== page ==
“The most stressful days are time-trials. For TTs, you’re setting up all the bikes, getting them on and off the turbo trainers at the start and finish, changing wheels, loading the team car for each of the riders… The start times are all spread out. You’re very busy all day.”
But occasionally, the job gifts a mechanic an easy shift. “If you’re in the second team car when you have no one in the break, it’s really calm. You can sleep a bit!”
And the most rewarding days on the job? “When the team wins, that’s nice, of course, but for me it’s when a day goes smoothly, when everything goes in a good way. We have a really good group at DSM. The team atmosphere is really important – you make long days, you’re away from home. You work at a high level, but you must enjoy it, too.”
To prevent the Groundhog Day effect biting at longer races, the team rotates the three mechanics between the first and second team cars and ‘hotel days’. “These are a little bit of a rest for us,” says Ed, “but then we clean the bikes after the stage and pack the truck ready for the next day.
“Usually, I’m head mechanic. At the Critérium du Dauphiné, for instance, I was second and Martijn Don was the responsible guy. He stepped up and I gave him feedback. The head mechanic is responsible for packing everything at the service course, choosing what to take.”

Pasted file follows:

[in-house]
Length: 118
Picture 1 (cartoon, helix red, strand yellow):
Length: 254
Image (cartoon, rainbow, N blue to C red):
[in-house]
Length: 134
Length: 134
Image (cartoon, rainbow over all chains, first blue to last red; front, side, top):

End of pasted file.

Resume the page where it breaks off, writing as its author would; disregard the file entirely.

Most race days follow a similar pattern; starting at 8am for breakfast; then preparing the team cars, which takes an hour and a half. If you ever get a chance, look inside one on the morning of a race. They’re always freshly valeted inside and out, with everything in its place. You’ll never see a DS or mechanic rummaging in the glovebox for that thing they were sure was in there somewhere.
“When the cars are ready, we do our final checks on the bikes,” says Ed. “We calibrate all the power meters and set the tyre pressures. These are worked out jointly by Piet and our tyre partner, Vittoria, and they’re personalised to each rider’s weight.
“Our evening depends on the race and the transfer to the next hotel, and also the traffic getting off the mountain if it’s a summit finish. On a good day we have around two hours of work to clean and fix everything. We get dinner at 10-11pm, then have a small meeting about the next day and hopefully get to bed by midnight.”
The specifically calculated tyre pressures are just one part of the ‘Expert Plan’ produced by Piet for each stage, advising equipment choices. “The riders can make their own choices, but you hope they follow Piet,” says Ed. “We’re really an expertise-driven team.”